One might argue that any similarity is as much between the reviews as it is between the books. Sehgal’s critical eye, though trained on the Anglo-American canon, is attentive to the specific formal properties and cultural contexts shaping a literary work. Taylor, on the other hand, is the kind of film and culture critic who relishes the idea of being polemical—even scathing. Acocella develops a schematic account of plot and style in reviewing Chee’s novel. “Every grand action,” she writes, “is followed by a great, empurpled outpouring of words.” Despite the critics’ differences in approach, their reviews express distaste for what they perceive as “melodrama” in the novels in question, all of which are written by BIPOC and queer authors.
Reviews can be instructive for writers, offering insights into how readers experience an author’s choices and arrive at an opinion. Notwithstanding the pervasive belief in the relativity of taste, certain outlets—like the Times or The New Yorker—occupy normative positions in cultural conversations and confer legitimacy to aesthetic judgments. When Joan Acocella remarks on those “scenes of high melodrama,” she influences the reading public not only in what we think about Chee’s text but how we understand the concept of melodrama itself.
The term melodrama is a value judgment—and as such, it can be careless. In a review for NPR, Maureen Corrigan accuses Brit Bennett’s debut novel, The Mothers, of being melodramatic. Reviewing Bennett’s second novel, The Vanishing Half, four years later, Corrigan corrects herself: “Now, I’m recognizing that’s how Bennett rolls as a novelist: embracing melodrama as a beguiling way to delve into difficult topics.” In The New Yorker, Hilton Als made a similar correction vis-à-vis his approach to Morrison’s fiction. “In a book about real and fictional black women, I wrote that the obsessive ‘man love’ of Hannah, Sula’s mother, was a stereotype. (At the time, I didn’t see that Morrison’s decision to burn her to death was a moral condemnation, not a melodrama.)”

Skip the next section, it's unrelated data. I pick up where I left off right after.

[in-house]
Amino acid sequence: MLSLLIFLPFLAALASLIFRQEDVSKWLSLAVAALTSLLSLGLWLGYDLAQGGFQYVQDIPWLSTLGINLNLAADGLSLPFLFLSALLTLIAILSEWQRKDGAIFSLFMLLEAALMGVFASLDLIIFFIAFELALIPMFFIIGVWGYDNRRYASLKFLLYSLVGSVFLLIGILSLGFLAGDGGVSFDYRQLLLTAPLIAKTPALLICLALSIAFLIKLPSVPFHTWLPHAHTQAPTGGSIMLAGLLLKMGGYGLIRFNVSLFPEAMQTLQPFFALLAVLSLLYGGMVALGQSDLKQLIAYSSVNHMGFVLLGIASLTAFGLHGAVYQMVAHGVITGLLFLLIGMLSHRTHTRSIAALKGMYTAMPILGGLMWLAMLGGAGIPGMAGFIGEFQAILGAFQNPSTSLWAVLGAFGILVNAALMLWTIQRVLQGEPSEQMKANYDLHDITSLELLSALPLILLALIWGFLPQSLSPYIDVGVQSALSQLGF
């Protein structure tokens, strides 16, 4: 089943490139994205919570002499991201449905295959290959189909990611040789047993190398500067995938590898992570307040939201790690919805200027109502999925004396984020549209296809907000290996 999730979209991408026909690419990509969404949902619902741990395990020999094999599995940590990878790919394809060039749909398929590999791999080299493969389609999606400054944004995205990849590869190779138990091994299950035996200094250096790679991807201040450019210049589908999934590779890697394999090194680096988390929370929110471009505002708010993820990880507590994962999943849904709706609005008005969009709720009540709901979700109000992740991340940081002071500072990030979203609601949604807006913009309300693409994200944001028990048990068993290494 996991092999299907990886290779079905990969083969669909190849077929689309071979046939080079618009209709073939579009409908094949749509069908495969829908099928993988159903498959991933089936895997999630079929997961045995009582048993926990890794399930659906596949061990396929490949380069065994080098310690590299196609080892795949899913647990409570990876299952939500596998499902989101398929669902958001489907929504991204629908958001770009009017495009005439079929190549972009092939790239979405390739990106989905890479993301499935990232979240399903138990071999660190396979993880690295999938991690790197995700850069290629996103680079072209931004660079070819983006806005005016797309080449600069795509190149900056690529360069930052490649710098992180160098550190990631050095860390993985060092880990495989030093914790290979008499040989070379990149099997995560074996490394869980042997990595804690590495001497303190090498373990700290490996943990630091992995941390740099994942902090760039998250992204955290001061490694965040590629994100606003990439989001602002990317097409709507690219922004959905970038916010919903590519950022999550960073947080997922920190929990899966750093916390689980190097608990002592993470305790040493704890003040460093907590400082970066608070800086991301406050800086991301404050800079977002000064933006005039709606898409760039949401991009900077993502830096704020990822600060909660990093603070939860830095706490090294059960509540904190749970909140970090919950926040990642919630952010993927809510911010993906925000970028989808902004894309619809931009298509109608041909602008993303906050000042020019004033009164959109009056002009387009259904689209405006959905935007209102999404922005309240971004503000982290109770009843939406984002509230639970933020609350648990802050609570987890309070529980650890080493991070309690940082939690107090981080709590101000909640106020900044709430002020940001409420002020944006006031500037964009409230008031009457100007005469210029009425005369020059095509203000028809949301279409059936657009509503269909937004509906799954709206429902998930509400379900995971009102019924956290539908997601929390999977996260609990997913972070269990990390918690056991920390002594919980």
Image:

While I don’t think we should fault critics for modestly recalibrating their assessments, I suggest we attend to the structure of their (mis)judgments. How is it that BIPOC and queer writers regularly confront the dangerous possibility of melodrama? What is it that they risk?
Melodrama has its origins in a kind of nineteenth-century French theater that combined drama with music. But as the literary scholar Peter Brooks notes, the adjective “melodramatic” no longer denotes a particular genre of performing art, but conjures an imaginative mode that derives its affective power from “the very origins of theatricality . . . in the infantile dream world” and has “as its true stakes the recognition and triumph of the sign of virtue.” The melodramatic imagination intends to “express all”—it is maximalist and lavish. Brooks detects the melodramatic imagination in the works of Henry James, Balzac, Dickens, Fyodor Dostoevsky, Marcel Proust, and so on. These writers are said to combine exaggerated moral conflicts with portraits of ordinary existence. Here melodrama, with its ethical preoccupations, is not considered a failing, but an achievement.
It is in Balzac’s and Dickens’s thick descriptive prose that the author Bharati Mukherjee, who was born in India and immigrated to North America, found models for her writing. In an essay published prior to her 1989 novel Jasmine, Mukherjee observes, “[M]inimalism disguises a dangerous social agenda. Minimalism is nativist, it speaks in whispers to the initiated. As a newcomer, I can feel its chill, as though it were designed to keep out anyone with too much story to tell.” She argues for immigrants to embrace the duality of their condition and the fluidity of their social identities to compose richer stories. Mukherjee makes a case for maximalism in writing—for messiness in fiction, more drama.
That Mukherjee must contend with the charges of writing melodramas is, then, predictable. In the Washington Post, Francine Prose—novelist, critic, and author of the well-known craft book Reading Like a Writer—writes that Mukherjee’s Jasmine is “too often mined with contrivance, jolted by mini-explosions of coincidence and melodrama.” Of Desirable Daughters, Lee Siegel (also writing for the Post) says, “ at the heart of the novel is a melodrama.”